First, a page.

Holiday parties are in full swing and that means the alcohol is flowing too. Colorado author Annie Grace, a veteran of New York's marketing scene, drank daily. It got to be too much and in her new book, "The Naked Mind," tells of how she went alcohol-free.

Here are her tips if you want to follow suit:

1. Hydrate: "Once you have a glass in your hand, and are feeling refreshed, your desire for a drink may disappear. When you have a drink in your hand, people are less likely to ask if you want one."

2. Be mindful of your motivation for drinking: "Bring your relationship with alcohol back into conscious thought by asking yourself a few questions before you imbibe. Think of a child's birthday party -- complete fun with no booze. Simply reflect on the validity of this reason before having a drink. You may be surprised to realize you don't want one after all."

3. Change your mindset: "If you want to drink less and have no regrets this holiday season, don't think about it as though you are missing out, but rather think about what you gain with this simply decision: clarity, better health, enjoyable mornings."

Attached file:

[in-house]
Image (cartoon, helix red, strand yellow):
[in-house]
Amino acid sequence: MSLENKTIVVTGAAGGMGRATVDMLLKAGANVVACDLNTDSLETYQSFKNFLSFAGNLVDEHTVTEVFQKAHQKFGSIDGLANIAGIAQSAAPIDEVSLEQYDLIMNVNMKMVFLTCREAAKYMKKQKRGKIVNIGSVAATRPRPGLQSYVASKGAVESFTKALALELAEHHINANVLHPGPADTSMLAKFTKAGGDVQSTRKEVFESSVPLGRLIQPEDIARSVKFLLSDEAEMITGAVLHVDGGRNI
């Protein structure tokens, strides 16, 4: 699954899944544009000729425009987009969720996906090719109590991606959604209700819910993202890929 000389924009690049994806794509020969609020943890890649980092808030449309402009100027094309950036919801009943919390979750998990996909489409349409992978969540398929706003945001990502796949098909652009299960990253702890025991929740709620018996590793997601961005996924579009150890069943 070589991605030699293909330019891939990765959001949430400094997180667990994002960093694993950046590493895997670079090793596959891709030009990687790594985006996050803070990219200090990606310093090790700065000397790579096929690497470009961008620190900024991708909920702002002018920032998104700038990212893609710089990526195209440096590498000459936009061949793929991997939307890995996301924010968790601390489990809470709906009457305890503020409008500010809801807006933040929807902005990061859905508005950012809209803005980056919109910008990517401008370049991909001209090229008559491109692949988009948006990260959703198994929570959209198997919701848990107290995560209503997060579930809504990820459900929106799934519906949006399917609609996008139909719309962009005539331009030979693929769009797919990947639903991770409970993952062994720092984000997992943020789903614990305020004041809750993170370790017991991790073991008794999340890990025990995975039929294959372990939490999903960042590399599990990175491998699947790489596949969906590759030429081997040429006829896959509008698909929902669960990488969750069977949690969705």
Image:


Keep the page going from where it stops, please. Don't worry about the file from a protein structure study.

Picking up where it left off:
4. Be prepared to say, "No:" "If someone asks you specifically if you want a beer or any alcoholic beverage, you can say, 'Not right now, but do you have any water? I'm dehydrated.'"

5. Don't make the conversation bigger than it needs to be: "Giving a health reason can result in the drinker feeling judged or looked down upon. You've raised the bar. You don't want to put yourself in a situation where the host asks, 'Why,' as there are a few answers that don't result in making the conversation awkward.  If you simply say, 'No thanks' or 'I'm OK,' the host will surely ask, 'Are you sure?' If people do react strongly to you not drinking, it's important to realize their reactions are probably not actually about you. More likely they feel the uncomfortable about their own decisions and you've brought this discomfort to the surface by saying, 'No.'"